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It's easy to go to Hamburg for Christmas
2013-12-20
By Victoria Fei

A German-style mini market outside Shanghai’s Hamburg House is just one way to mark the Western holiday as Chinese people are increasingly into the festivities. Victoria Fei gets the merry story.

It’s getting easier to have a European-style Christmas in Shanghai. Several Christmas markets have appeared in town, and the exotic flavors have become a big attraction.

A German-style mini Christmas market will be open on December 24 and 25 in a plaza outside the Hamburg House on Baotun Road in Huangpu District. Hamburg has a sister-city relationship with Shanghai.

Located at the former Expo site in Puxi, the free, mini Christmas market will provide traditional German festive goods, holiday gifts and snacks, as well as a children’s choir performance.

“It is our first time to have a Christmas market here. The mini market is a test, trying to see how popular this Western tradition is among people in Shanghai,” says Hans-Joerg Schmidt-Trenz, chief representative of the Hamburg Liaison Office Shanghai. “With German flavor, it’s not as commercial as the other ones, and it’s just to showcase German culture and festival style.”

The mini market was launched on December 4 with a lighting ceremony. It was opened simultaneously with the 15 Christmas markets in Hamburg. Organizers say the one in Shanghai “is a gift of Santa from Hamburg,” and bears the same Hamburg market logo.

Here, one can find almost all things Christmas from Germany: an eye-catching Hamburg Christmas arch, a Christmas tree 6 meters tall, lighting, sweet wine, hot sausages, cookies and Christmas gingerbread men and dolls.

People can also leave their messages of Christmas wishes on the wall.

There is a Santa giving out gifts for children. Parents, meanwhile, can also make handicrafts with new German friends.

“The event showcases traditional German culture, specialties and handicrafts. We have gotten positive feedback from so many people,” Schmidt-Trenz says.

“Although the first opening days were held when the air quality was bad in Shanghai and the area is still under development, people still have had a huge interest in participating in it,” he adds.

Around 60 to 70 percent of the visitors were Chinese.

“I like something less commercial. While shopping for Christmas, the elements of German culture enrich the experience,” says Wan Yin, a Chinese visitor. “I’m also interested in German mulled wine, cakes, bread, sweets and sausages offered at the scene.”

Social networks such as weibo and wechat also have played an important role in promoting Christmas events.

Next year, the organizer says, the mini Christmas market will be larger in scale, with more booths and goods.

Lawrence Lo, a noted food and wine critic and social media blogger who hails from Hong Kong and has resided in Shanghai since 2002, was a co-organizer of the Christmas market at 1933 Old Millfun on December 14 and 15.

He says most of the vendors were foreigners and they brought merchandise they had made to sell.

Visitors were able to buy not only coffee, wine and organic farm foods such as vegetables and fruit, but also handmade chocolate, DIY accessories and braided fabric.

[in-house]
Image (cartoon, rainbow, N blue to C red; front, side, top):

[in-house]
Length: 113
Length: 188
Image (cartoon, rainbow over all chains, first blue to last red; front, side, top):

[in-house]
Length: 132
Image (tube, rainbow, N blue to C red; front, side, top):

It also gave local residents a chance to practice their English and make some foreign friends.

“Year after year, I think Shanghai’s Christmas spirit becomes more and more remarkable, partly because there are more foreigners living and working here. Local expats also want to get more involved with the community to increase cross-cultural understanding,” Lo explains.

“Shanghai is the most cosmopolitan city in China, so naturally, locals are familiar with foreign festivals, and they are also more curious to know the outside world and different cultures than people from other parts of China. As such, this year, Christmas markets seem to happen every weekend right up until Christmas,” he adds.

Lo organizes food and wine events, as well as cooking classes, almost every weekend. For the Christmas market, he used his own weibo and wechat accounts to encourage friends and followers to come and experience it.

“It enables the local Chinese community to experience foreign culture and taste food and beverages from around the world. Independent vendors can also sell their creative jewelry and clothes,” Lo says.

“I’m very happy about the turnout, especially on Saturday, as the 1933 Old Millfun becomes more and more popular with locals, especially with the younger generation.”

Mini Christmas Market at Hamburg House

Date: December 24-25, 5-10pm

Address: 399 Baotun Rd

Admission: Free

East Dock Shanghai Christmas Market

Near the Shanghai East Dock, the annual Shanghai Christmas Market is open until January 5. Visitors can wander around 70 stands to buy Christmas decorations and sample delicious food.

The newly renovated north riverside area will feature dozens of the city’s vendors.

Organizers are planning a host of daily and evening activities and performances.

Date: Through January 5

Address: 32 Qinhuangdao Rd

Admission: 15 yuan (10am-5pm); 30 yuan (5-9pm); Christmas Eve (December 24, 5pm-12am) 100 yuan; New Year’s Eve (December 31, 5pm-1am) 80 yuan.

How to get there: Metro Line 4 Yangshupu Road Station

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